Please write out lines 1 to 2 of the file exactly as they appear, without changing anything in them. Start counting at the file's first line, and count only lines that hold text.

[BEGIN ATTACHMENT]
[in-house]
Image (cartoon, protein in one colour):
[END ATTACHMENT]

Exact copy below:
[in-house]
Image (cartoon, protein in one colour):